More than half a million people die of malaria every year, most of them children under the age of five in Africa. And in the areas where it is most endemic, it remains relatively expensive to diagnose. But a group of scientists in Missouri are working on a groundbreaking method to test for the disease that, if successful, could save time, money, and most importantly, lives.
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What is it? A malaria-styled breathalyzer.
“If you could diagnose [children with malaria] earlier, and get them treatment earlier, the studies are pretty clear that early treatment reduces mortality dramatically,” says Audrey Odom, Assistant professor of pediatrics and molecular microbiology at Washington University in St. Louis.
There is still work to be done, but the results Odom and her team at Washington University have come up with so far are promising. Their research, recently published in the journal mBio, indicates that the malaria parasite produces a class of compounds which might attract mosquitos. Meaning that: if mosquitoes can smell the malaria-born compounds then they should also be detectable through a noninvasive test similar to a breathalyzer, without the need for a microscope or blood sample.
“The compounds that we found have been described in the literature as mosquito attractants at low levels,” she explains. “At high levels, they’re mosquito repellants, so we think it’s a lot like perfume for people. Sometimes a little bit smells nice and a lot is repellant.”
Part of what prompted their study was previous research indicating that mosquitoes are more likely to bite people who already have malaria. This would be advantageous for the parasite because it can’t travel from human to human by itself. Rather, malaria spreads when a mosquito bites someone who already has the parasite, becomes infected, and then bites someone else.
“There were studies in children and in mice and also in birds showing that mosquitoes would choose to bite an individual that was malaria-infected rather than one that was not, and so that really suggested that there’s something about when malaria is infecting people that can get out of the body,” Odom says. “So, we went looking to see if we could find them.”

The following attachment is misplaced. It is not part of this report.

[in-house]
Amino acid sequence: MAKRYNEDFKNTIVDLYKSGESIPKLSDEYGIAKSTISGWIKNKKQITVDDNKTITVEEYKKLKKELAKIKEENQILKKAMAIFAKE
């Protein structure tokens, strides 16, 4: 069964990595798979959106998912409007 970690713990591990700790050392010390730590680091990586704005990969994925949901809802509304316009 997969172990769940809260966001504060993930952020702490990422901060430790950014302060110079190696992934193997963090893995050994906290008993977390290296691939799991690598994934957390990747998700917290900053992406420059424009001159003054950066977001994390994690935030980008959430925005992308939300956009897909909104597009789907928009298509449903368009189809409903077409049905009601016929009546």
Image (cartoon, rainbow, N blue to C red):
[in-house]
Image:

What they found is that the parasite contains chloroplast-like organelles, which don’t respond to light, but do manufacture a class of compound called terpenes. Two examples of terpenes are pinene, which is what gives pine trees their distinctive scent, and limonene, responsible for the characteristic smell of lemons. While the amount of compound the researchers found was not significant enough for humans to smell, they might be detectable by mosquitoes.
The much-hated insects are drawn to their targets by a variety of factors, including carbon dioxide, body warmth, and smell. Mosquitos will be drawn to stinky feet and even Limburger cheese, Odom says.
The discovery of this kind of malaria generated “mosquito perfume” is, for now, based on lab work. Those results need to be duplicated in the field to be confirmed. So Odom and her team are planning field trials in Malawi to capture the breath and sweat from children with and without malaria to see if the compounds can be detected in human infections.
At this point, doctors can test for malaria using a blood test or a Malaria Rapid Diagnosis Test. The blood test requires a blood sample, a microscope, and a trained person to prepare and read the slide. The rapid diagnosis test is cheap by U.S. standards (about a dollar), but can be expensive when used at a large scale in countries in Sub-Saharan Africa, where malaria is most prevalent.
Where the disease is most common, doctors will treat any child with a fever for malaria, rather than trying to test for it. This approach tends to be more effective when lots of children have the disease anyway, but as the infection rates go down, it becomes more problematic. Overuse of anti-malaria medication, or “malarials,” is helping to produce versions of the disease that are resistant to the more common and less expensive drugs.
“We’re making and giving away a lot of anti-malaria medication for children who don’t need it, which is not good for resistance and is also really expensive,” Odom says. “So to kind of save the dollars for children who are really sick, a very cheap, easy testing method could be very important, especially in areas where there is less and less malaria. You could really get into a malaria elimination situation.”
The idea of using breath or smell to test for diseases has wide implications. Odom says other research has pointed to a compound in the breath of people with fungal pneumonia, which doctors might also be able to detect with a breathalyzer-like test. Finally, Odom cites another reason why such testing could be preferred by children and adults alike — they don’t involve any needles.
This story is based in part on an interview from PRI’s Science Friday with Ira Flatow. Odom asked followup questions for this digital post.
By: Jared Goyette